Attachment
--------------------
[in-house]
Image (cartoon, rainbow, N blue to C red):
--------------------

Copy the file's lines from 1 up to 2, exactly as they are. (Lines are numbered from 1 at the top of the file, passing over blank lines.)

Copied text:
[in-house]
Image (cartoon, rainbow, N blue to C red):